I’ve just emailed off my review of the Blu-ray release of Disney’s 1940 classic, Fantasia, for publication in Australian HI-FI. But so much to write about and only 400 words available. I didn’t even get to mention the censorship.

In the Pastoral Symphony sequence the movie originally had a black centaurette kneeling before a white one, manicuring and grooming her. By 1969 this was judged to be pretty distasteful, so the film was edited to eliminate the manicurist (named Sunflower). To the right are roughly matching frames, top from the Blu-ray, bottom from the pre-1969 version. As you can see, the edit was done simply by zooming up to the top, right.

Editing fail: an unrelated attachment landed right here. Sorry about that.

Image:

The bottom one is the best I could find on the web. By ‘best’ I mean ‘only’. I obtained it from this interesting post. I have retrospectively asked permission to use the shot (I rebalanced the colour to make it match the new version a little better).

About 66 minutes into the Blu-ray presentation the narrator Deems Taylor announces that they’re breaking for an interval, following which — uniquely in my experience — the movie’s copyright panel is displayed for a few seconds! For a moment I thought things had come to a premature end, but no, a few more seconds and the orchestra returned and the program resumed. Very strange.

Also strange, it mentions RKO Radio Pictures, at whose behest the picture was mutilated (since restored) for 1941 distribution. Note that the RCA Sound Sytem was mono.

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